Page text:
My grandmother said that Bill was always a cut-up. He loved novelty photos. She had some where he was shaking his own hand, or was the both the bride and the groom in a wedding photo. Seems like a happy person.
Loda and Bill moved to California during the Great Depression. With no children, it was just the two of them. I guess that they went there in search of jobs and escape from the business and farm failures in Arkansas and search for a better life.
He worked in a grocery and a service station with his brother-in-law, Loda’s brother. But apparently, they were having no success in that business either. Financial failures combined with failing health were more than he could take. On Christmas evening in 1933, Bill took his own life.
So, what to take away from all of this? I guess a couple of things.
First, remember that our ancestors were real people with real lives. We honor them by looking beyond the dates and places and facts on a family group sheet. We honor them by remembering their lives, their joys, and their struggles.
Second, and more importantly, as we look at the causes of death we find for our ancestors, we have to look at ourselves, our friends, and our families. Suicide is real. Too many people are overwhelmed by a sense of failure, a sense of uselessness, a sense of hopelessness. Take the time to listen, to be aware of the people around you. Listen to your loved ones when they talk to you. If they are having a hard time, talk to them and then listen. Be there for them. It’s such a hard thing to get our minds around, wanting to end your own life. I don’t understand it. But, I can do my best to listen and empathize and ask those that are hurting how I can help.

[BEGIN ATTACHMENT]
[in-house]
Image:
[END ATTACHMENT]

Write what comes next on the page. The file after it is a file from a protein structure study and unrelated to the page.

One of the hardest, but certainly the most satisfying, aspects of this disease called genealogy is trying to find the people behind the documents. All of the facts that we collect show us when someone is born, when and who they marry, whether or not they have children, have a home, work for a living, and ultimately when they die and are buried. In between the facts are the real people.
Instead of just looking at the facts, we try to figure out who the people involved in the facts really were. Most of the time this is a job for the imagination. We have to think about how we would react to a similar situation. Sometimes the documents give us a brief glimpse behind the veil to understand more about how people interacted,
Sometimes we see hints of love and devotion between friends and family members. And sometimes we see examples of conflict.
I suppose every family has some kind of conflict in it. There are those that would call the afternoon when I locked my little brother in the dog house (with a really large spider, he says) an example of family conflict. But if that’s as bad as it gets, things are pretty good.
I think that as I look at the various branches of my family, I don’t see a lot of family rifts, of branches of the family isolating themselves from other parts of the family. At least, I have not found them. But, when you keep looking, you can find things that must have been great sources of conflict within a family.